Stolen Chagall and Picasso artworks found in Antwerp basement

Theguardian_ Two paintings by Marc Chagall and Pablo Picasso have been recovered from a basement in the Belgian city of Antwerp, 14 years after they were stolen from an art collector in Israel.

The two artworks, a cubist portrait by Picasso known simply as Tête and Chagall’s L’homme en prière, showing a man praying, were stolen in February 2010 from a Tel Aviv villa owned by the Herzikovich family.

At the time, the two paintings were valued at $900,000 (£710,000). In the same heist, burglars also removed jewellery worth $680,000 from a safe, which has never been recovered.

Investigators achieved a breakthrough in their decade-long search for the painting at the end of 2022, when Belgian police received a tipoff that an art dealer in the Walloon capital of Namur was offering the two paintings for sale.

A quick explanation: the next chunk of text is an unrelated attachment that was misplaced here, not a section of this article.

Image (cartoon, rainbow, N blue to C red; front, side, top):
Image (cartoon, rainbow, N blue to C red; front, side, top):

In a covert operation lasting several months, police tracked the movements of the suspect, a 68-year-old Israeli luxury watch dealer referred to by Belgian police as “Daniel Z”.

When federal police raided the suspect’s home last week at the request of the prosecutor, they found a significant amount of money, but not the paintings.

“The checks and police resources implemented during 2023 made it possible to establish that the suspect was indeed in possession of the works sought and that he could have them at his home or at the home of one of his relations,” police officials told the French-language Belgian daily Le Soir.

“Although confessing to possessing the paintings, the suspect refused to communicate where he had stored them.”

After widening their search to Antwerp and a building that previously housed an art dealership linked to past cases of stolen paintings, investigators recovered two wooden boxes with screwed-down lids containing the stolen artworks.

The paintings were undamaged and still in their original frames, police said. The main suspect was charged with receiving two paintings and placed under arrest.